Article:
We are starting off 2023 with a new look compared with our previous round-ups. From now, the best music from Japan will be amalgamated into one article. We begin with a look back at December, a month that saw the release of some fantastic albums and singles.

Top New Albums

Hitomi Moriwaki — Subtropic Cosmos

This record was so good it made the top 10 in our Best Albums of 2022. Fukuoka-based Hitomi Moriwaki released her first album in nearly 10 years on Guruguru Brain label, home to the likes of minimal wave outfit Minami Deutsch. Recorded between 2020 and 2022, Subtropic Cosmos is a Covid-inspired composition, floating with fever dreams and wandering consciousness. It’s a fantastically varied album that gets better with each listen.

Ryoji Ikeda — Ultratronics

A confession: one of the reasons I came to Japan was because of Ryoji Ikeda so this review is likely to be somewhat biased.

After working predominantly in installation form, the master of the sine wave made a welcome return to album format. Ikeda’s Ultratronics, a masterclass in bleeps, buzzes and sine, is an orchestrated cacophony of sounds. For fans of the likes of Autechre and the late Mika Vainio, Ikeda places each sound in each track with the utmost precision.

“Ultratronics 4” is counting from left to right, an earworm of digitized sound. From the fifth track we head into semi-beat territory, a dance floor weapon in the right hands and a sit-at-home-deep-in-thought piece in another.

Ultratronics is a fantastic album, with a good mix of old (the first five tracks) alongside some previously unseen Ikeda. It explores current trends with track numbers 11 and 12 and has some playful ones thrown in there too.

Sara Wakui — Time Won’t Stop

Session musician turned solo artist Sara Wakui released her debut solo album Time Won’t Stop featuring a range of guests from Ermhoi to Mimiko and Odd Foot Works.

First off, a shout out to the mastering. Each hit of a drum and tinkle of a key sounds as if it’s in the same room. “Mile in the Green” is especially good for this, one of only three non-collaborations.

There’s also “Escape,” one of our favorites from September last year. Wakui’s output is joyful, feel-good music. It’s the kind of record you put on to feel good while relaxing, particularly on a sunny day. Time Won’t Stop is a wonderfully bubbly, musically complex ode to jazz in its most enjoyable form. It should put a smile on anyone’s face.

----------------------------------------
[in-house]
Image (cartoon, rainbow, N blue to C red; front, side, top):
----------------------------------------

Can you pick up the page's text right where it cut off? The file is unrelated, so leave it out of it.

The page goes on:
Top New Songs

Niko Niko Tan Tan — “Hananoyou”

“Hananoyou” by prolific giggers Niko Niko Tan Tan, is a fun frolic through the J-pop park. Squelchy synth from Ochan and fizzing percussion from Anabebe, this is a song that doesn’t take itself too seriously. As the press release states, it is a song for “heading into winter with warmth,” and it does just that.

Cwondo — “Baby Kasutera”

No Buses frontman Cwondo serves up a fantastically bizarre audio collage of blues guitar amid wails and barely discernible vocal vomit. It sounds as if the multi-instrumentalist is doing that thing of holding one note and hitting his mouth to make a wobbling noise. Which is why we aren’t sure exactly why this song is so good.

The arranged chaos is addictive, held up by the Texan guitar melody which persists throughout this endlessly repeatable track.

NTsKi — “If”

Songstress NTsKi released a flower-filled video to accompany her new single, “If.” A dreamy float through flower fields, “If” sounds like it would be just as good sped up. With drawn-out, vaporwave type synths, it takes us from the fields down into the sea in a mix of English and Japanese.

Guchon & Carpainter — Tokyo Funk (EP)

Trekkie Trax member Carpainter joins forces with local DJ and producer Guchon for this gung-ho dance EP. The title song “Tokyo Funk” sees funky house beats over catchy vocal samples. “Ramen Track” is cleaner than to be expected with minimal bass and lots of disco flourishes. “Party Non Stop” is a percussion-heavy track, with cowbells. “More Cowbell” as the saying goes.

If you’re a Japan-based musician and are interested in featuring in this series, please send any forthcoming releases over to editor[at]tokyoweekender[dot]com and include the subject line: “FAO Music Editor.”